Originally the court determined that the rivets were to blame, being insufficient to hold the steel plates together. Others blamed a buildup of carbon dioxide in the tank from fermentation. But the exact cause could not be determined at the time. A Waltham engineer, however has studied the tragedy for years. His findings indicate that several design flaws led to the disaster, including the use of steel too thin to handle the stress from millions of gallons of molasses.

Damage was estimated at about $500,000, or more than $7 million is today’s dollars. From those who were injured or lost a loved one, to the rescue workers, to the hospital staffs who aided those caught in the disaster, to those who worked to rebuild that section of the city after the catastrophe (and all of their families and friends), few in Boston were not impacted by the disaster. When you are researching your family history, be certain to check the newspapers to see what events happened locally that might have impacted your family.

Even today, on some very hot summer days, one can occasionally smell the molasses in the air in the North End. You can read more about the disaster and the recent findings of the engineer’s study in the Boston Globe.

Peppy, Posh, and Stash: Words as Clues in Your Genealogical Research

13 Jan 2015

One of the pitfalls of genealogy is learning not to impart modern meanings on our ancestors. Nowhere is this more key than in working with original documents. The language in documents can be key in identifying them. Using words as clues in your genealogical research can be a tremendous help to you.

Words come and go from our lexicon. And often they stay, but meanings changing. One example of this comes from the past year, where the Oxford English Dictionary (OED) has now added a second definition of the word “literally.” Because of the excessive use of this term by ill-informed and undereducated individuals, it now also means exactly the opposite, figuratively.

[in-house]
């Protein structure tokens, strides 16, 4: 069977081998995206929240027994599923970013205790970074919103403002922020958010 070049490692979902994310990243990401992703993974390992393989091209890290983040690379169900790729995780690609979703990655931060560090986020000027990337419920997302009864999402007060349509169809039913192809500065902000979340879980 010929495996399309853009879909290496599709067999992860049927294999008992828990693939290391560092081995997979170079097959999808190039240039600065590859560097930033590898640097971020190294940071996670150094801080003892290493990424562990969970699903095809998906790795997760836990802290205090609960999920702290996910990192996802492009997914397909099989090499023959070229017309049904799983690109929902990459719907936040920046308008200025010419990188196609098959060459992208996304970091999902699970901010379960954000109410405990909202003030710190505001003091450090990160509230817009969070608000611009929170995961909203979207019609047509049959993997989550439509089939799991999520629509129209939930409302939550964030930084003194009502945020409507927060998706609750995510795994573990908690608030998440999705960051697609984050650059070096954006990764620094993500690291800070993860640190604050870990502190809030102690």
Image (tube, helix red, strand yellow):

Words can also be very helpful. If you have undated documents you are trying to identify, examining the language can help you. Knowing when words entered common use can assist you. It will not be possible to narrow it to a specific date, but certainly can get you into an approximate time period.

A couple of weeks ago the Boston Globe ran an interesting piece about words. Instead of the typical year-end review of words that had entered the dictionary in the past year, the piece looked back at words that entered the lexicon in 1914. Some of these are still used today, but others have already come and gone.

 

1914 Words

 

The start of World War I brought us a number of words we commonly use today. Some make sense, such as air raid (bombs dropped from aircraft), trench coat (a waterproof coat worn by the military in the trenches), and even Balkanization (dividing a region into separate units).  Another commonly used word whose origins you may not know: doohickey (military slang for a small, nondescript object, especially a mechanical one).

Other words that entered the language that year include Gesundheit, oy vey, shish kebab, and Tochus. Each of these came into the English language from another (German, Yiddish, Turkish, and Yiddish respectively). Other words that came in 1914: backpack, big screen, crossword, peppy, posh, stash, and sociopath. Many of these are words that one might think had been around much longer. It is important to study the language in a document to help date it. Never assume when words came into common use. The tunnel under the English Channel connecting England and France was completed in 1994. It is called the Chunnel, leading one to believe it is a contemporary word, but it actually entered common use in 1914.

Some words that entered that year are no longer in use. These include billiken (a small, elf-like doll; deratization (the expulsion of rats), and scrutty (dusty, scruffy).  Examining when words like this entered and left common usage can assist you in dating a document.

The most dangerous words for genealogists, however, are those whose meanings have changed over time. For example jake was used as an adjective to mean good or okay. Today it is use to mean a fireman. Scat was a slang term for whiskey. Today it is a musical style (or something much more base). And seeing the word Roscoe in a letter might lead you to believe that you are looking for a person, while back in 1914 it was a slang term for a handgun.

When reading documents one must be careful.  This is especially important when dealing with correspondence, journals, and diaries, which are much more personal and therefore prone to nicknames and slang terminology. Making assumptions just might send you down the wrong trail.